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# The difficulty, the need and the rules

Xavier Bordoy

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blog

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Abstract

How should we learn a fundamental identity

What is the difficulty we need to teach to our students? Sometimes we teach things in a hard way because our teachers, in the past, taught us this way. But perhaps we could think about why we need to teach that way. In general, we could teach one thing more easyly if we don’t need it afterwards and so, we don’t need rules. The rules should be simplifications or generalizations after several rutine repetitions1. I’m going to explain it with an example: how can we teach how to calculate $(x+3)^2$?2

• We could do applying the formula $(a+b)^2 = a^2 + 2ab + b^2$: But we don’t need it. We surely have got our students confused. And we would introduce a mathematical arsenal that we will not need.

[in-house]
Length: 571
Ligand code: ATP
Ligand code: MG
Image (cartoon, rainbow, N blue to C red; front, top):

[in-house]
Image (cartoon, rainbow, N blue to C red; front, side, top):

• We could do as a product: $(x+3)^2 = (x+3) \cdot (x+3)$. So we could apply distributive property. This reminds our students the “rule” $3(x+3) = 3x + 9$ seen before, but surely most of them will have a mess after their application. And surely most of them would not understand what would be doing.

• Why not teach simply as we can: $(x+3)^2 = (x+3) \cdot (x+3)$. So let’s multiply it. This reduces the unexpected thing to familiar and known thing: algorithm for multiplying integers.

When does we need to know the formula $(a+b)^2 = a^2 + 2ab + b^2$? In my opinion, only when our students need to expand expressions like $(x+3)^2$ many times or if they needed in order to solve a major problem (in which it is embeded) and they need not to spend their time in calculations (like they do in third way).

Note: for making this article, I used SimpleScreenRecorder for recording an specific area of my desktop while running LibreOffice Writer formula editor and Geogebra. For conversion from webm to animated gif I used ffmpeg.

Update: Fred G. Harwood (@HarMath) suggested we could calculate it also visually. It gets better understanding to students and avoid typical errors. 1. But sometimes (many more than it should be), the rules are taught before they are needed.↩︎

2. I need it to teach it because I want it to pass from the form $y=4(x+3)^2 -5$ to the form $y=4x^2 + 24x + 31$ for treating quadratic functions. In particular for representing that in cartesian plane. Yes I know we could represent directly (and more easyly) quadratic functions in the form $y=A(x-B)^2 + C$.↩︎